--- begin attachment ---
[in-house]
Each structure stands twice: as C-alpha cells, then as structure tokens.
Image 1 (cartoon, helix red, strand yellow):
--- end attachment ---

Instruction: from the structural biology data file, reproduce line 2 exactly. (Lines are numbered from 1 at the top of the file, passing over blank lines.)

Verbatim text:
Each structure stands twice: as C-alpha cells, then as structure tokens.